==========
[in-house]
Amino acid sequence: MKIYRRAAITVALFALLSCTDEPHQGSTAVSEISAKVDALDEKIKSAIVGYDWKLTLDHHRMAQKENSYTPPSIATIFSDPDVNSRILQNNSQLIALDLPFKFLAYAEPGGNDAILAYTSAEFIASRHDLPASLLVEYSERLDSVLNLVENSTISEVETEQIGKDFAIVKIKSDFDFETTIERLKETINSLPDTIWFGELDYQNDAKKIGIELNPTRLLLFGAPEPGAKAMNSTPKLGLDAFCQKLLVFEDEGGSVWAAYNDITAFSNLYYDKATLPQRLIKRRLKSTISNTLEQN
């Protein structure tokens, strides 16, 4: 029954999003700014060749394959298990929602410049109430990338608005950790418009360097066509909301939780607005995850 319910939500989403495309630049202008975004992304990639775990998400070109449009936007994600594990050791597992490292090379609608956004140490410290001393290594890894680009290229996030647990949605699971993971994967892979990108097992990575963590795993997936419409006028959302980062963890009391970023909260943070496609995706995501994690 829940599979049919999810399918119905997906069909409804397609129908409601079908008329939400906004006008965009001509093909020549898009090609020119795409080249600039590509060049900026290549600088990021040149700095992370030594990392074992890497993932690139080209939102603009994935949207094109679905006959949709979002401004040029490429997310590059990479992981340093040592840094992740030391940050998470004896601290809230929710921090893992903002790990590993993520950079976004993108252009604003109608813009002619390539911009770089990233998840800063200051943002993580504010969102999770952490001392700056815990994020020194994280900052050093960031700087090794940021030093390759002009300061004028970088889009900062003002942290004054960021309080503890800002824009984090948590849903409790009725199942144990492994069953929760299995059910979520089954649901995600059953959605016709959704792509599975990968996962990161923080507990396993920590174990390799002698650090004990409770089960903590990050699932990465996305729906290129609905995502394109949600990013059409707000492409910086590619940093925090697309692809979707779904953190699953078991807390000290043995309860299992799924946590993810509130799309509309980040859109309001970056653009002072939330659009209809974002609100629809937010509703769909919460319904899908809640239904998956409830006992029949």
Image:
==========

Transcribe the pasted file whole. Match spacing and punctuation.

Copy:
[in-house]
Amino acid sequence: MKIYRRAAITVALFALLSCTDEPHQGSTAVSEISAKVDALDEKIKSAIVGYDWKLTLDHHRMAQKENSYTPPSIATIFSDPDVNSRILQNNSQLIALDLPFKFLAYAEPGGNDAILAYTSAEFIASRHDLPASLLVEYSERLDSVLNLVENSTISEVETEQIGKDFAIVKIKSDFDFETTIERLKETINSLPDTIWFGELDYQNDAKKIGIELNPTRLLLFGAPEPGAKAMNSTPKLGLDAFCQKLLVFEDEGGSVWAAYNDITAFSNLYYDKATLPQRLIKRRLKSTISNTLEQN
């Protein structure tokens, strides 16, 4: 029954999003700014060749394959298990929602410049109430990338608005950790418009360097066509909301939780607005995850 319910939500989403495309630049202008975004992304990639775990998400070109449009936007994600594990050791597992490292090379609608956004140490410290001393290594890894680009290229996030647990949605699971993971994967892979990108097992990575963590795993997936419409006028959302980062963890009391970023909260943070496609995706995501994690 829940599979049919999810399918119905997906069909409804397609129908409601079908008329939400906004006008965009001509093909020549898009090609020119795409080249600039590509060049900026290549600088990021040149700095992370030594990392074992890497993932690139080209939102603009994935949207094109679905006959949709979002401004040029490429997310590059990479992981340093040592840094992740030391940050998470004896601290809230929710921090893992903002790990590993993520950079976004993108252009604003109608813009002619390539911009770089990233998840800063200051943002993580504010969102999770952490001392700056815990994020020194994280900052050093960031700087090794940021030093390759002009300061004028970088889009900062003002942290004054960021309080503890800002824009984090948590849903409790009725199942144990492994069953929760299995059910979520089954649901995600059953959605016709959704792509599975990968996962990161923080507990396993920590174990390799002698650090004990409770089960903590990050699932990465996305729906290129609905995502394109949600990013059409707000492409910086590619940093925090697309692809979707779904953190699953078991807390000290043995309860299992799924946590993810509130799309509309980040859109309001970056653009002072939330659009209809974002609100629809937010509703769909919460319904899908809640239904998956409830006992029949």
Image: